The IRS expanded Form 8867, Paid Preparer’s Due Diligence Checklist, for 2018 individual income tax returns to include questions for both head-of-household filing status and the credit for other dependents. For 2017 tax returns this form needed to be included by the preparer on any Form 1040, U.S. Individual Income Tax Return, that claimed the earned income tax credit, the American opportunity tax credit, and/or the child tax credit.
Form 8867 consists of a series of questions verifying the paid preparer’s due diligence in requesting information from clients regarding a series of credits and deductions that have been subject to substantial tax fraud. This form transfers the burden of responsibility from the taxpayer to the paid preparer.
The new question for head-of-household status is, “Have you determined that the taxpayer was unmarried or considered unmarried on the last day of the tax year and provided more than half of the cost of keeping up a home for the year for a qualifying person?”
The other dependent credit is new for 2018. It provides a credit of up to $500 for dependents who are not qualifying children for purposes of the child tax credit. The due-diligence questions for the other tax credit are the same as for the child tax credit or the American opportunity tax credit.
The law known as the Tax Cuts and Jobs Act (TCJA), P.L. 115-97, expands the penalties for failure to prepare the due-diligence checklist. Under prior law the penalty was imposed on each failure and could expose a practitioner to a potential $1,560 penalty on each return (see Rev. Proc. 2017-58). Under the TCJA, the penalty is increased to a maximum of $2,080 on a single tax return for returns and refund claims filed in 2018 ($2,120 for 2019).
Section VI of Form 8867 provides preparer requirements for attestation needed to sign the form. These include:
- Interviewing the taxpayer, asking adequate questions, and documenting the taxpayer’s responses on the return or in their notes;
- Completing Form 8867 truthfully and accurately;
- Submitting Form 8867; and
- Keeping the following five records for three years after the due date of the form:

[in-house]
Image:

- Copy of Form 8867;
- Worksheets used in completing the form;
- Copies of any documents provided by the taxpayer used to prepare the form;
- Records of how this information and the worksheets were obtained; and
- Records of additional questions the preparer may have asked to determine eligibility to claim the credits and/or head-of-household filing status.
The retained records must be kept for three years from the latest of the following dates:
- The due date of the tax return (not including extensions);
- The date the return was filed (if the signing tax return preparer electronically filed the return);
- The date the return was presented to the taxpayer for signature (if the signing tax return preparer did not electronically file the return);
- The date the practitioner submitted to the signing tax return preparer the part of the return for which the practitioner was responsible (if the practitioner is a nonsigning tax return preparer).
Careful consideration and due diligence for these new requirements is essential, as the burden of responsibility is again shifted from the taxpayer to the paid preparer.
— Robert M. Caplan, CPA, is the managing partner of Caplan & Wong CPAs LLP in California. Donald J. Zidik Jr., CPA, is a partner with Waldron H. Rand & Company in Massachusetts and an adjunct professor of taxation at Suffolk University in Boston. To comment on this article or to suggest an idea for another article, contact Alistair M. Nevius, J.D., The Tax Adviser’s editor-in-chief, at Alistair.Nevius@aicpa-cima.com.